December 17, 2012

When there is no reason.

Posted in Life Lessons, Parenthood tagged , , , , , , , at 3:05 pm by openendedcomment

I’ve been reading.  News Sites, Blogs, Facebook…reading everything everywhere and each place I turn it is there.  The stories of children lost.  Stories of parents hugging their children a bit harder, saying “I love you” one extra time and even one picking their child up from school to go to a toy store.  Because they can.

I read another story, of someone criticizing saying “if it takes this to make you hug your child, you’re doing it wrong.” And that one hurt me.  That one actually made me mad.  You’re not “doing it wrong” you were just reminded how blessed you are to have that child and to need to express that love.  To be comforted by small arms and innocence and the hope that is our children.  To need to love them more now than ever is a good thing.  A right thing.

I spoke to a Mother I know on Friday night who was compelled to meet her little boy at the bus stop instead of waiting for him to come into the house on his own because those few extra minutes without him next to her was just too much to bear.  My cousin wrote he had to stop himself from returning to his daughter’s school this morning for one more hug.  I could barely let mine go today. And  none of that is wrong.  It is natural. It is the promise of the possibility for healing and change that we combat what can only be called an act of pure evil with a massive outpouring of love.  Kindness.  Care and yes, smothering affection. As though we were and with enough of it are smothering the flame of evil and hurt burning in those that would commit such atrocities against the very best of us.  There is nothing more right than that.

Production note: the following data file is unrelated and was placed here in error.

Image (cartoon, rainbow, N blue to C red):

I hold firm that though I do not and though none of us may ever really know the reasons for last Friday or for any of the other tragedies that occur far too often, that the root of it all is not one gun, one law, one doctor or one game but rather the culture of violence,  tolerance for cruelty and ignorance of illness we have allowed to grow like an insidious vine, cutting off the beauty and life to our most prized flower.  Like the vine, it is not enough to trim it back when it becomes an issue for it only returns, stronger than ever, hell-bent on accomplishing its task.  We must dig it out.  Destroy each fiber and then, as any good gardener must, check and re-check to ensure it never, ever returns.  We have to end this and more than the ending we must care…with tender and vigilant dedication care and cultivate the best we have among us, the children, the future of who we are.  We must provide help where help is needed, be aware of those struggling among us and protect what we old most dear.  Changes must me made.  And change will come.  I believe that. When the grieving as a nation abates from acute shock to an ache and before we file this away as something that happened once upon a time, change must occur.

For now, for today, for many tomorrows we will grieve.  For some the grief will never end.  For them, I will pray.

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